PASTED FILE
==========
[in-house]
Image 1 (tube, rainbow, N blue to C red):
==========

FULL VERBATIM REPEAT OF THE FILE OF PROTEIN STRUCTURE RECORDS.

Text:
[in-house]
Image 1 (tube, rainbow, N blue to C red):